If you haven’t yet heard about this wonderful book by Author Candace Robinson, be sure to check out all the details below.
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Living in a tree trunk for the past year hasn’t been easy for Bray, more so after her brother disappears again. When a human boy and his brother, Wes, find her, a new friendship is struck. Through Wes, Bray learns there can be more to life than waiting within a tree. But worrying over where Brenik has vanished to always remains in the back of her mind.
When Bray reunites with Brenik, she realizes she must help him break the curse after she discovers the need for blood is beginning to overpower him. The curse not only damages those who get close to Brenik, but it could also destroy whatever is blooming between Bray and Wes.
Remembering the events from earlier, Bray headed straight to the hole and peeked out. She shifted her head from left to right. Nothing. Bray looked up and down—she could see a few bushes had already been planted in the dirt.
Then she saw it: a circular stone bowl filled with water sitting on top of a long thick stem, attached to a circular bottom. A birdbath! Almost giddily, Bray stepped on the ledge of the hole and leaped off, flapping her wings hurriedly to the nearest pink and yellow peach. Opening her jaw wide, she bit into the thin skin. A juicy one. The fruit filled her mouth with delicious pleasure, and she took one more long bite before diving down to the birdbath.
The top of her newfound treasure was a perfect circle with tiny mounds around it resembling hills. Bray landed on the ceramic and bent down to take a seat, before placing her bare feet into the warm water that had been perfectly heated from the shining sun.
Peering down at the clear water, Bray saw no sign of intrusion from other creatures yet. She rotated her head in every direction, as if she would be caught just by thinking about slipping into the water—still no sign of life.
Flicking her braid over her shoulder, Bray pursed her lips together to hide the smile aching to shine against her face and jumped into the water. The splash echoed. Her bare feet scraped the rough bottom, while her dress inflated and then clung to her body as she shot to the surface. She let out a small giggle to herself. It was sad that the only highlight of the past year was hopping into a shallow pool of water with no one around except for her.
She leaned back into the liquid, letting herself float and moving her arms slowly up and down, while swimming in figure-eight circles.
Bray closed her eyes and let the water cover her ears, so it felt like nothing in the world existed, except for the muffled vibrations from the liquid.
A loud booming sounded from above, and her eyelids thrust open, meeting dark brown eyes, light brown skin, and that black bowl hair. Tiny human. Luca.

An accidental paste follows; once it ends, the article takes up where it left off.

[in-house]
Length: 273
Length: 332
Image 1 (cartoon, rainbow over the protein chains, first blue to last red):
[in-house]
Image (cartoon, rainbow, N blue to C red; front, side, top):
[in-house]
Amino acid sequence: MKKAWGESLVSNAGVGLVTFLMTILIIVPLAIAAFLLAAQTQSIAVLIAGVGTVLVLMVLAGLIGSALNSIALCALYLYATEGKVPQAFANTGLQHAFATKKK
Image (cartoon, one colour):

Freeze, Bray thought to herself, not even blinking her eyes. She held them wide open, thinking he wouldn’t notice her, or maybe he would just assume she was a bird. Even though he was staring at her and had spoken something she didn’t hear clearly.
Nope. That isn’t going to work. He hovered closer, his eyes scrunched halfway closed to examine her more thoroughly. Unable to hold her eyes open any longer, Bray blinked several times.
“What are you?” he asked, genuine amazement creeping into his words, lips slightly parted.
“A bat!” Bray yelled, and she jumped up from the warmth of the water, darting straight for the tree hole.
Breathing heavily, Bray landed inside and collided with the floor. She rolled to her back, running both hands down her face. “Why did I come out without paying attention? I know not to!” Ruth had always told her this.
A quake trembled through the tree, causing shivers to run up and down her spine. What is the little beast doing? Oh no, what if he is trying to chop down the tree? My home—the peaches! Bray didn’t know why she was thinking about stupid peaches when there was another fruit tree directly next door.
Despite the thunderous rumbling, Bray grabbed the needle from underneath her hammock and dodged toward the window. If the little beast thought he could take her down, then he had another thing coming. She would prick his eye—actually, she would poke both of his eyes to protect her and Brenik’s home.
When Bray reached the edge of the window, the sound stopped. She peeped her head out of the hole, right as a face met hers, his black hair falling forward over a hazel eye—an eye she was going to poke. Startled, she jumped back instead of toward him.
A broad smile crossed the little beast’s face. “Hello.”
Freezing once again, until she remembered that the staying-still-as-a-statue strategy didn’t work in the birdbath, she meekly said, “Hi.”
Bray brought the needle up toward his smiling face, just in case.
“Are you planning on sewing something?” He tilted his head at the needle.
“Yeah, your eyeball.” She gave him a hard glare.
“What?” he asked while laughing hysterically.
He was laughing? Not scared? Bray brought the needle closer. “Yeah, you need to leave and never come back. This is my home.”
“No. Technically, it’s my brother’s home,” he said, still smiling.
“What brother? You mean your dad out there who was planting this morning?”
Luca shook his head, and she didn’t miss the wince before he spoke. “No, that’s my brother, Wes. I don’t have a mom or dad.”
Crestfallen, Bray lowered the needle. “Oh. Me neither. I only have a brother, but he will be gone for a while.” She paused and glanced at the note Brenik had left behind, her chest tightening. Then she shrugged it off and shifted her gaze back to the boy. “By the way, my name is Brayora, but you can call me Bray.” For some reason, she wasn’t worried anymore about the human.
“I’m Luca Duran.” He plopped his thin fingers on the edge of the hole.
“Yeah, I heard your name this morning, little beast. I mean, Luca.” She thought little beast suited him better than Luca.